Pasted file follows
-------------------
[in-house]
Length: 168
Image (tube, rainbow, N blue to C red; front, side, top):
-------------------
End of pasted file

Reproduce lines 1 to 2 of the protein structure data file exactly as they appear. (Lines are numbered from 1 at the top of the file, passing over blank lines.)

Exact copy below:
[in-house]
Length: 168